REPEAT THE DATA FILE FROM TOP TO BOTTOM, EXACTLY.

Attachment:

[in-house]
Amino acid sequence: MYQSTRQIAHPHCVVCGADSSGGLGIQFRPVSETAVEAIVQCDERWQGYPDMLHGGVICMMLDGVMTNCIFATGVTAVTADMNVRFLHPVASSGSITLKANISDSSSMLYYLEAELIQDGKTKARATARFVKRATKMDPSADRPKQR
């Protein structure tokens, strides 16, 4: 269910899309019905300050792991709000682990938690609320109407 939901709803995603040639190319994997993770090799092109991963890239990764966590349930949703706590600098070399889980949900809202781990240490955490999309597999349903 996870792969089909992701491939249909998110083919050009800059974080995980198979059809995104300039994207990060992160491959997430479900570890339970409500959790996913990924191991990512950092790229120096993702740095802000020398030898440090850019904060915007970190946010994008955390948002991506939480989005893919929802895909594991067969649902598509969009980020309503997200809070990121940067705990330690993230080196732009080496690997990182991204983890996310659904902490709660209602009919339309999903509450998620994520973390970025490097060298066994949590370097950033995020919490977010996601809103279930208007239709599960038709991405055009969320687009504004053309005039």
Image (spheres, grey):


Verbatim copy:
[in-house]
Amino acid sequence: MYQSTRQIAHPHCVVCGADSSGGLGIQFRPVSETAVEAIVQCDERWQGYPDMLHGGVICMMLDGVMTNCIFATGVTAVTADMNVRFLHPVASSGSITLKANISDSSSMLYYLEAELIQDGKTKARATARFVKRATKMDPSADRPKQR
């Protein structure tokens, strides 16, 4: 269910899309019905300050792991709000682990938690609320109407 939901709803995603040639190319994997993770090799092109991963890239990764966590349930949703706590600098070399889980949900809202781990240490955490999309597999349903 996870792969089909992701491939249909998110083919050009800059974080995980198979059809995104300039994207990060992160491959997430479900570890339970409500959790996913990924191991990512950092790229120096993702740095802000020398030898440090850019904060915007970190946010994008955390948002991506939480989005893919929802895909594991067969649902598509969009980020309503997200809070990121940067705990330690993230080196732009080496690997990182991204983890996310659904902490709660209602009919339309999903509450998620994520973390970025490097060298066994949590370097950033995020919490977010996601809103279930208007239709599960038709991405055009969320687009504004053309005039």
Image (spheres, grey):